As California continues to respond to the challenges of COVID-19, some people are cautiously venturing out into the state’s abundance of open spaces, while hopefully wearing masks, maintaining social distancing and practicing other safe behaviors.
Working lands conservation by California’s largest land trust annually provides between $900 million to $1.44 billion in environmental benefits — including habitat, carbon sequestration, food and watersheds, according to a new study released today.
As a land of fertile soil, gorgeous weather and ideal terrain, California feeds our nation and the world.
The beautiful rolling hills surrounding the Tri-Valley region are emblematic a trademark of California’s golden beauty.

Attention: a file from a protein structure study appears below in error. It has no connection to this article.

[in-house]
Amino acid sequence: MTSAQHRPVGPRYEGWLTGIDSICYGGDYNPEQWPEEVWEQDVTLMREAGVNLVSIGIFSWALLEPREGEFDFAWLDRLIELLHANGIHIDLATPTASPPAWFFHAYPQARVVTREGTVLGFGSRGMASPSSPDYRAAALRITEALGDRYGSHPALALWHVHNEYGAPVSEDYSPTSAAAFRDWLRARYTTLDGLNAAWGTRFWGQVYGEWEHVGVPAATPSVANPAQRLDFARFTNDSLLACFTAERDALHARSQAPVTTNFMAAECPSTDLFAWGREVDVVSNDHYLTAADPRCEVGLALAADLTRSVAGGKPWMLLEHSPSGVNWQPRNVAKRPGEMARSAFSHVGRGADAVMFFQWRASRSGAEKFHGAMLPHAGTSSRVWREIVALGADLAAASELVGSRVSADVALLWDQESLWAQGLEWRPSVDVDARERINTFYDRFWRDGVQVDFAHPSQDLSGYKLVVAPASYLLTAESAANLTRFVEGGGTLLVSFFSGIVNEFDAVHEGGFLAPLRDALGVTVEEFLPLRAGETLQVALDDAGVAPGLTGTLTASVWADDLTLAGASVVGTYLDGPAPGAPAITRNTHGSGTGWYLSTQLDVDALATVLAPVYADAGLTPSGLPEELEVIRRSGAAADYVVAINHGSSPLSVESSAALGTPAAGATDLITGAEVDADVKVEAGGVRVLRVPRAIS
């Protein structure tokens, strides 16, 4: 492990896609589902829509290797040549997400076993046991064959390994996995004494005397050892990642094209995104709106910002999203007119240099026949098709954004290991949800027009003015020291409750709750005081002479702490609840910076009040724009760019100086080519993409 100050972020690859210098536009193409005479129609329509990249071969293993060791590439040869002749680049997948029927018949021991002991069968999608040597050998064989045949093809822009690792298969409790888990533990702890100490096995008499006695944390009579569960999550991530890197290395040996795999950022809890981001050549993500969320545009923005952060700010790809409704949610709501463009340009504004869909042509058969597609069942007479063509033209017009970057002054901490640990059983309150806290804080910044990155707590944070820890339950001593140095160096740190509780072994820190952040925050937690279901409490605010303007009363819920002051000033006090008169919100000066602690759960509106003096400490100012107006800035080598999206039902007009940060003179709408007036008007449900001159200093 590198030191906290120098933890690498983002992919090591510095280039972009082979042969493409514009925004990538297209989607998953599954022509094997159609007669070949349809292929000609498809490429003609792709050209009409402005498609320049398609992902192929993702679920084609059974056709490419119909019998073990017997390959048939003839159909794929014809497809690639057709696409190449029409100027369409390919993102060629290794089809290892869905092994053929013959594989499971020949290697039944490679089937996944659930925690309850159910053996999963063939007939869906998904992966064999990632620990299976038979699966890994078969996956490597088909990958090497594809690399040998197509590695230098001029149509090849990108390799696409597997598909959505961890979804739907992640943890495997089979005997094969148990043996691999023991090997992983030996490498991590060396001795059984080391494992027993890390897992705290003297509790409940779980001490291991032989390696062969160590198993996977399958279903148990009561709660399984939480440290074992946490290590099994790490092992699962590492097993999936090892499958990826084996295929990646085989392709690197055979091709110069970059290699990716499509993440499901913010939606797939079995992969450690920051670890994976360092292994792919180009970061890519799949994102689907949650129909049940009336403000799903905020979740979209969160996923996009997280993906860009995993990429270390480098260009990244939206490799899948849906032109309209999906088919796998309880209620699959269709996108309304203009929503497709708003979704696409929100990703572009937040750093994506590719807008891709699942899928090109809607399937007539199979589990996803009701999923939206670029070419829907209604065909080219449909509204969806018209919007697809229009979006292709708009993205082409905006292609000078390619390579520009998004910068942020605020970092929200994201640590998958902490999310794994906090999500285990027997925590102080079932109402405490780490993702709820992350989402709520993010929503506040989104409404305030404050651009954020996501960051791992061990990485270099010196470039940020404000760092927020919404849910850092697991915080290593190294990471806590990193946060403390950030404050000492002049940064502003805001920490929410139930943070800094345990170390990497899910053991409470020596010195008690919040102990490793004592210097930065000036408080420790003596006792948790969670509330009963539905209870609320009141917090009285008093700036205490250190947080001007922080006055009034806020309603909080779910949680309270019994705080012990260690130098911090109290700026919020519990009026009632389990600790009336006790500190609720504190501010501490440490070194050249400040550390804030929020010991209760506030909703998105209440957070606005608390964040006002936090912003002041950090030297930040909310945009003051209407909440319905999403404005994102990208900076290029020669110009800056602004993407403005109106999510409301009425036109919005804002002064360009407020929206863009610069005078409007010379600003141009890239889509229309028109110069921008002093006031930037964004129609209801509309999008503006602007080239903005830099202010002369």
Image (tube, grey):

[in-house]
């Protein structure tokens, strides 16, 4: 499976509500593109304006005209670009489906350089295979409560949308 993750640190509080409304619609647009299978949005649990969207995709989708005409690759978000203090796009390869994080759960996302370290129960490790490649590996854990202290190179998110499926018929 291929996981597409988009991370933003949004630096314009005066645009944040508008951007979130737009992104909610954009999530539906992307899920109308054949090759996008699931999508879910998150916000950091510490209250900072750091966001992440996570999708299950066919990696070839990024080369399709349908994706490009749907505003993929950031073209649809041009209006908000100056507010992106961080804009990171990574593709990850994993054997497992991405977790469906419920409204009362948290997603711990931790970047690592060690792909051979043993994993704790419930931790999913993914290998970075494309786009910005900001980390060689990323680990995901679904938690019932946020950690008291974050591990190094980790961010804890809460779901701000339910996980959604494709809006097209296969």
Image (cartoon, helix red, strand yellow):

On February 20, about 200 guests, many of them ranchers from Santa Barbara and surrounding counties, gathered at the Santa Barbara Club for an event put on by the California Rangeland Trust (CRT).
“Reunir is a Spanish word meaning ‘to gather’; to bring together friends whose collective passion, ideas, and commitment is making a legendary difference serving the land.
On February 21, about 200 guests, many of them ranchers from Santa Barbara and surrounding counties, gathered at the Santa Barbara Club to celebrate and learn more about the California Rangeland Trust (CRT).
A Pozo-area family recently negotiated an easement to preserve more than 12,000 acres of rangeland in eastern San Luis Obispo County.